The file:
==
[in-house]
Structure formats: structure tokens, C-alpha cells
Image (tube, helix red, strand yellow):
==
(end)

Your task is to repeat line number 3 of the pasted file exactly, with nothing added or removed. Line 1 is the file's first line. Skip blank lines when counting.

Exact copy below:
Image (tube, helix red, strand yellow):